The microblog: 2022.06.04 23:39:13

2022.06.04 23:39:13 (1533201734369103872) from Daniel J. Bernstein:

Tried Google's new vectorized quicksort code vqsort on Skylake, and timed Sorter() as ~8000 cycles for int32[256] (big chunk of code for a size-specific sorting network), ~19000 cycles for int32[1024] (non-constant-time). djbsort is 1230, 6286 (ct). Did I misuse vqsort somehow?

2022.06.04 23:44:01 (1533202940818640897) from Daniel J. Bernstein:

I included algo-inl.h and vqsort.h, did auto s = Sorter() and SortAscending order, and then did s(x,N,order) on an array x of N int32_t values. Size seems ok; I checked that the output is sorted correctly and (in a separate run to not slow things down) that asan doesn't complain.

2022.06.04 23:50:39 (1533204610311106560) from Daniel J. Bernstein:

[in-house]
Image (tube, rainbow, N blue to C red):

I also checked in gdb that the dispatch is calling the AVX2 code (presumably the fastest vqsort option for Skylake, as opposed to machines with AVX-512 such as Skylake-X). I didn't notice an API with lower per-call overhead, and per-call can't explain the jump from 8000 to 19000.

2022.06.05 00:04:21 (1533208059811536896) from Daniel J. Bernstein:

I also looked briefly at the vqsort paper, which says "outperforms state of the art architecture-specific algorithms". Section 3 describes vqsort's size-256 sorting network, but is missing microbenchmarks and comparisons to, e.g., sid1607, djbsort, vxsort.

2022.06.05 00:08:37 (1533209131904925697) from Daniel J. Bernstein:

Oops, sorry, the "outperforms" quote is from the accompanying blog post The paper says that vqsort is "the fastest sorting implementation known to us for commercially available shared-memory machines". Should I maybe have added some extra cmake options?

2022.06.05 00:12:23 (1533210079540875264) from Daniel J. Bernstein:

Another theory is that the speeds depend on a newer compiler version than what I tried, but this theory doesn't seem compatible with the "performance portability" and "production-readiness" parts of the advertising. I also tried a Broadwell with gcc 10.2.1, which isn't so old.